Hi Ethan – I’ve had a gig recently scraping Twitter’s search results. Why scrape? Because you can use dates :)
From the web, you can do a search for:
#pman since:2009-04-01 until:2009-04-08
Returning ~ 50 results per page, it’s pretty trivial to count results.
Let me know if Ruby code would be helpful, and I’ll see if I can retrieve / remove any client info in those files.
Thanks Daniel. The problem with that method is that Twitter tops out at 1500 results, and there were probably tens of thousands of results in that period. Wish I could do it that simply…
If you’ve got a way to coax twitter into giving a complete set of results, rather than topping out at 15 results x 100 pages, or 100 results x 15 pages, would love to see the code.
Ethan: you can set the # of results to 50 instead of 15 (that’s cookie based; I used Ruby’s Mechanize which is based on Perl’s). Make sure you check advanced search.
Maybe 5k/day is all you need?
You can set it in the URL as well using the rpp variable, which can go as high as 100. But if you up the rpp, it reduces the number of pages you can retrieve, with a maximum of 1500.
Hard to know whether I need 5k a day – my guess is I probably want lots more.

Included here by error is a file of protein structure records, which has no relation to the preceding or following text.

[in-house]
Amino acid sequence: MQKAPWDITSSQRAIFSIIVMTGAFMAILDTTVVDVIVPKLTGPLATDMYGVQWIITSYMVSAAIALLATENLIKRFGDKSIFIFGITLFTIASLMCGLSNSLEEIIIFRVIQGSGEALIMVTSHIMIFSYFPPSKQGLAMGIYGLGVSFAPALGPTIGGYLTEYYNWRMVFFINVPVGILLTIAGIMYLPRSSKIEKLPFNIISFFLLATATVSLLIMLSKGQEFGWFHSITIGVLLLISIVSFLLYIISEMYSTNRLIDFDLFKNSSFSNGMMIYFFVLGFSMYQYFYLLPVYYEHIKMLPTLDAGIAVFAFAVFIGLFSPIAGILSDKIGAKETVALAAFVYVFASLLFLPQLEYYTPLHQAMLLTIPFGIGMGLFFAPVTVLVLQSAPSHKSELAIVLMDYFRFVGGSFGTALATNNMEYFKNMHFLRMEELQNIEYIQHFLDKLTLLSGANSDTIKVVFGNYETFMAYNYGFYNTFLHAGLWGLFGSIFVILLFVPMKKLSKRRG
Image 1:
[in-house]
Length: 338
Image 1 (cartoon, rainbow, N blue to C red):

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Ethan, first of all, I’m very troubled by your attempt to whitewash the communists of Moldova by implying they have nothing in common with Soviet-style communists, just because they are for foreign investment (what communist *isn’t*? — sell them the rope, you know).
Moldovan communism has been an unequivocal and oppressive nastiness, whatever it’s “modernization”; Voronin is a documenetd authoritarian. Young people don’t want to go along with his rule and that of his cronies and indeed his government has been backed by Russia, and Russia has been to blame for refusing to resolve the Transdniester conflict, for example. There is every reason to believe the vote was rigged, given the history of such polls in this region. Even if you can somehow legitimize this communist domination in the elections, it’s a victory that came from press manipulation and political backing elsewhere.